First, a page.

The second edition of Webster’s New International Dictionary was published in 1934; unlike the previous edition, this one went beyond the plain definition of the words included, and elaborated upon the words’ etymology, as well as possible variations to spelling or pronunciation.
Why this word?
Because the Webster definition for ‘dord’, did not include any of the above; it only stated the word to be a noun, situated it within the realms of chemistry and physics and provided the brief definition of ‘density’. Soon thereafter physicists and chemists began writing in, saying they had never heard of the word, letters that set a 5 year investigation in motion, after which the truth came out- the abbreviations “d” or “D”, which really do represent density, were supposed to appear in the abbreviations’ section of the dictionary, but the letters were pushed together to create the term ‘dord’ which indeed found its way to the dictionary.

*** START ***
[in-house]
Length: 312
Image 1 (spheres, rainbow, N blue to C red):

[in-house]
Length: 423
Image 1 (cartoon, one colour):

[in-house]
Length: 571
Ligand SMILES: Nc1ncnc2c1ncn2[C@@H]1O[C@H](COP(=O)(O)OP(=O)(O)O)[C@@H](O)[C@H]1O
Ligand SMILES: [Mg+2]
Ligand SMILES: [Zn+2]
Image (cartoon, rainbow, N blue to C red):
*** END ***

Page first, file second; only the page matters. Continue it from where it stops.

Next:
This is probably the best scientific error which is a great reason to ‘why this word!’. And if this isn’t enough, this word was offered to us by Daniel Milstein, thank you Daniel!
How to use the word dord in a sentence?
Well, dord is not really a word; it was a timely mistake that is by now long gone from the dictionary. Since I discovered this word, I found myself using it as a metaphor a few tmes, which also led to the writing of this post. If you’re asking me, dord is a great metaphor for an intelligent mistake!
“USA is north to Canada…? Well that’s a dord!”
“Your paper is well written, but many of your ‘facts’ are not more than dords…”